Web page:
October 25, 2014

History and Overview

The Joint PhD Program

Brown University and the Marine Biological Lab (MBL) launched a joint PhD program in Biology and Environmental Science in 2003. By teaming with Brown, MBL scientists and the work they conduct is enriched by the involvement of graduate students. Moreover, the partnership between the institutions allows MBL scientists to participate in educational and research activities at a level that would not be possible without a university partner. By partnering with MBL, Brown gains critical mass in the rapidly-growing fields of environmental science, microbiology, genomics and cellular imaging, and increases the quality and impact of its science through collaborative research ventures.

To date, 34 students representing nine departments at Brown have participated in the joint program.  Fourteen students have graduated with PhDs, five have left the program with Master’s Degrees, and  13 students are currently enrolled in the program.

The Expanded Partnership

Beginning in 2007, and based on the initial success of the joint graduate program, a committee of Brown and MBL faculty and administrators began a planning process to envision a broader collaborative science program between the two institutions. This initiative led to the receipt of endowment gifts to Brown and MBL to expand the joint relationship to what was named the Brown-MBL Partnership to reflect the broadening of the program’s focus to expand research as well as education. These funds allowed for the hiring of a permanent director for the Partnership. Christopher Neill, an ecologist in the MBL’s Ecosystems Center, was appointed as Director of the Partnership in January 2010.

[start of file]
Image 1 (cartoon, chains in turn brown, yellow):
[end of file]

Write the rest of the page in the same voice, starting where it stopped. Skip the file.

As part of the expanded Brown-MBL Partnership, three other MBL scientists, David Mark Welch, and Linda Amaral Zettler of the Bay Paul Center for Comparative Molecular Biology and Evolution and Jim Tang of the Ecosystems Center, were appointed to 0.25 FTE appointments at Brown. In addition, 17 other MBL scientists hold unpaid appointments at Brown, many of them dating back to the pre-expanded partnership years.  Three Brown professors hold joint appointments at MBL.

Other elements of the expanded partnership include an increasing number of exciting collaborative research projects, including the PIRE project and the IGERT project, new jointly-conceived and taught courses, SEED grants to encourage collaborative initiatives, and summer internship opportunities for a growing number of Brown undergraduates at the MBL and/or MBL field sites.